A 2015 survey by Jobvite found nearly 50 percent of all employees are open to leaving their employer if a better offer comes along, and since that survey was conducted, employment prospects have only gotten better for today’s professionals.

The fact of the matter is: Employers should be concerned about their top employees leaving; taking aggressive actions to keep these professionals satisfied. A drive to learn new things, make more money, grab a more prominent position and escape a bad situation are the main reasons people seek a new job, and now that the economy is generating jobs again, skilled professionals have more opportunity than ever to reconsider their current situation.

Addressing the most common reasons to leave can go a long with to keeping your best employees around. Below is a brief list of ways to address those reasons.

Take a University Mindset

A common way to look at the structure of a company is to see it in a military sense: People start out at the bottom and get enough recognition to earn a promotion; slowly moving up through “the ranks.”

However, a more useful mentality is looking at a company as if it were a college or university. Secondary learning institutions are always bringing in freshmen and graduating seniors. They are providing an education, allowing students to grow both personally and academically.

Also, by adopting this mindset, businesses can actually stand to gain when someone leaves. Just like alumni continue to support a university, former employees who felt a business was a crucial part of their career will advocate for the business.

Offer a Range of Career Growth Options

Sticking with the university mindset – employers need to find ways for their employers to learn and grow. There are three primary areas people can grow their career: Within the scope of their own job, outside the scope of their job, and advancing to a new job.

A company can allow its employees to grow within their own job by investing in employee training and new technologies. Cross-training and interdepartmental projects give staff members the chance to work outside their normal job duties and gain new experiences.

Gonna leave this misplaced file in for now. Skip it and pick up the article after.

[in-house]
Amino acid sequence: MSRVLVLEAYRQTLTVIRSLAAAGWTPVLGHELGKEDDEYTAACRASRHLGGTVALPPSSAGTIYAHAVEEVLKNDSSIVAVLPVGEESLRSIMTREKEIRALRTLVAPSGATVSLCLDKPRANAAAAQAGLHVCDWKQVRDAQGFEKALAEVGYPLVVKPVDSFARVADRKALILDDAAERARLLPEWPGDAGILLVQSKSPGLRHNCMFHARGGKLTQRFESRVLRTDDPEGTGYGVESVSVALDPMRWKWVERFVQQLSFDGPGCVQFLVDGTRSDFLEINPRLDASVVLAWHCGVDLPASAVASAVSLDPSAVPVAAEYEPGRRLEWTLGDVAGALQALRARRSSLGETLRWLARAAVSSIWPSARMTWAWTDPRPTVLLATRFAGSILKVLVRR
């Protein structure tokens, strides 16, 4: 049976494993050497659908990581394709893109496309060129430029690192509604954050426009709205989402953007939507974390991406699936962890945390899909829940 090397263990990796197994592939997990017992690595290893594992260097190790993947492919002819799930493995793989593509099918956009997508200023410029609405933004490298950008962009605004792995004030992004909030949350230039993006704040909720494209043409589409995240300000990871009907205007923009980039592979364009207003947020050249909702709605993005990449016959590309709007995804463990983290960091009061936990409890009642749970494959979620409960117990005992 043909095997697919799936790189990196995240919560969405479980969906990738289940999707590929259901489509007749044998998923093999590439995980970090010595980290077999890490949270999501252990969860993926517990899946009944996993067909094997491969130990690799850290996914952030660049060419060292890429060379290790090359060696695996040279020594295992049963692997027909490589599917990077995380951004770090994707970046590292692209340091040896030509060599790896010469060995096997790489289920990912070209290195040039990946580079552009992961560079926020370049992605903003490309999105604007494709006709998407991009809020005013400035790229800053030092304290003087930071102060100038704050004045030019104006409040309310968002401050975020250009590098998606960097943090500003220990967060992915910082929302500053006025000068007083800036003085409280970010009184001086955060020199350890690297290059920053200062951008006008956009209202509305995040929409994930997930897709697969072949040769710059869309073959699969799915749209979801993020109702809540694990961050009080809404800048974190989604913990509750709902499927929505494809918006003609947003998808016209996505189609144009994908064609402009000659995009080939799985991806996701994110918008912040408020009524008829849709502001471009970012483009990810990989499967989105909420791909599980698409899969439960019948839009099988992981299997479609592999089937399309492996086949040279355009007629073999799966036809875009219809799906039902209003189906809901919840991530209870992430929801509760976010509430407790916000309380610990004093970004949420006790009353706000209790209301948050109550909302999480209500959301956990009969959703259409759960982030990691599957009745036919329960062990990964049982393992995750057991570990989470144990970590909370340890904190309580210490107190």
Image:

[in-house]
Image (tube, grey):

Finally, employees need a chance to advance, particularly into leadership positions. Advancement is difficult in smaller companies, but small organizations can still provide leadership opportunities by offering the chance to lead a project or initiative.

Consider Your Office Space

Surveys often show that location is a crucial factor when it comes to job decisions, and different locations mean different things to different generations. For instance, if you’re having trouble bringing in new ‘freshmen,’ you may want a location near a college or downtown area. On the other hand, if you’re looking to retain more ‘seniors,’ an easy-to-reach suburban location might be ideal.

Offer Competitive Pay/ Work-Life Balance

While pay will always be a big factor in employment decisions, work-life balance is increasingly becoming something today’s workers want. Chaining employees to the office for 40 hours doesn’t make sense, especially when your competition allows its staff members to work from home a few days a week.

At Action Group Staffing, we fully support all of the employee retention efforts of our clients. Please contact us today to find out more about how we can support your organization.

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